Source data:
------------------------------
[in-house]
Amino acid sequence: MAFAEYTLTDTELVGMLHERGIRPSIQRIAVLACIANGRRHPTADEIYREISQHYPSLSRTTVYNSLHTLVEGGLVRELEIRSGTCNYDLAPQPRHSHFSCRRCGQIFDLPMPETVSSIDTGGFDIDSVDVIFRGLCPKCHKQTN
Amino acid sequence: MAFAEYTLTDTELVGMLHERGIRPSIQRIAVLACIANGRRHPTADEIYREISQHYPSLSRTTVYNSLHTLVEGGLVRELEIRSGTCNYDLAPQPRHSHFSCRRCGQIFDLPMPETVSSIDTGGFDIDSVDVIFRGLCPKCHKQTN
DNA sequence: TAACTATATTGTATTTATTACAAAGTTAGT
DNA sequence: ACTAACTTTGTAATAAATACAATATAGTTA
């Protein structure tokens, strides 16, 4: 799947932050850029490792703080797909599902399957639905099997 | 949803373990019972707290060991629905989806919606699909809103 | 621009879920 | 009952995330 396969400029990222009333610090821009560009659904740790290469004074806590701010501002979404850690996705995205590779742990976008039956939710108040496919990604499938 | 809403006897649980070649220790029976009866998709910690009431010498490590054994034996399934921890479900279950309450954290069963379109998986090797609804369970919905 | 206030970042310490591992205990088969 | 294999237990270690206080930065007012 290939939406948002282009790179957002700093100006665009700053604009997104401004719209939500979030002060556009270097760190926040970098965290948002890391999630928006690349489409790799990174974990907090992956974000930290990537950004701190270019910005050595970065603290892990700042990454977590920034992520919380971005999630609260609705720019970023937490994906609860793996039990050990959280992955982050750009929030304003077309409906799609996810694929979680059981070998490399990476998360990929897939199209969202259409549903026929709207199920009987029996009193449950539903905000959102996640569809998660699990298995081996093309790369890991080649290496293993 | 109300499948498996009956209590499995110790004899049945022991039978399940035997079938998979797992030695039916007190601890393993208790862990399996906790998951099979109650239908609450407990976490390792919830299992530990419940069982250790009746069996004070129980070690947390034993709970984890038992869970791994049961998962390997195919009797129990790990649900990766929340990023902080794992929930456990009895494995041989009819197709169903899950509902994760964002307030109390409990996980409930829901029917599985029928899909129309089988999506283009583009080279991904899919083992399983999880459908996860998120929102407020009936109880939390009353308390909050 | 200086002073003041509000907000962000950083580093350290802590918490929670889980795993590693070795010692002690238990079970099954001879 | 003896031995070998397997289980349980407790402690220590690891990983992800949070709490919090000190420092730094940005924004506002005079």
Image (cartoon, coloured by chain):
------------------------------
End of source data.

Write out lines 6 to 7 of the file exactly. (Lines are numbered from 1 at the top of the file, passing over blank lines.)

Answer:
């Protein structure tokens, strides 16, 4: 799947932050850029490792703080797909599902399957639905099997 | 949803373990019972707290060991629905989806919606699909809103 | 621009879920 | 009952995330 396969400029990222009333610090821009560009659904740790290469004074806590701010501002979404850690996705995205590779742990976008039956939710108040496919990604499938 | 809403006897649980070649220790029976009866998709910690009431010498490590054994034996399934921890479900279950309450954290069963379109998986090797609804369970919905 | 206030970042310490591992205990088969 | 294999237990270690206080930065007012 290939939406948002282009790179957002700093100006665009700053604009997104401004719209939500979030002060556009270097760190926040970098965290948002890391999630928006690349489409790799990174974990907090992956974000930290990537950004701190270019910005050595970065603290892990700042990454977590920034992520919380971005999630609260609705720019970023937490994906609860793996039990050990959280992955982050750009929030304003077309409906799609996810694929979680059981070998490399990476998360990929897939199209969202259409549903026929709207199920009987029996009193449950539903905000959102996640569809998660699990298995081996093309790369890991080649290496293993 | 109300499948498996009956209590499995110790004899049945022991039978399940035997079938998979797992030695039916007190601890393993208790862990399996906790998951099979109650239908609450407990976490390792919830299992530990419940069982250790009746069996004070129980070690947390034993709970984890038992869970791994049961998962390997195919009797129990790990649900990766929340990023902080794992929930456990009895494995041989009819197709169903899950509902994760964002307030109390409990996980409930829901029917599985029928899909129309089988999506283009583009080279991904899919083992399983999880459908996860998120929102407020009936109880939390009353308390909050 | 200086002073003041509000907000962000950083580093350290802590918490929670889980795993590693070795010692002690238990079970099954001879 | 003896031995070998397997289980349980407790402690220590690891990983992800949070709490919090000190420092730094940005924004506002005079």
Image (cartoon, coloured by chain):